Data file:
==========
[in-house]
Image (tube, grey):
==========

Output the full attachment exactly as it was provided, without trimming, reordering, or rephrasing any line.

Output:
[in-house]
Image (tube, grey):